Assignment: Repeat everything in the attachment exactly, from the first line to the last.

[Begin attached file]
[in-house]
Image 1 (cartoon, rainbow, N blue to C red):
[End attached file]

[in-house]
Image 1 (cartoon, rainbow, N blue to C red):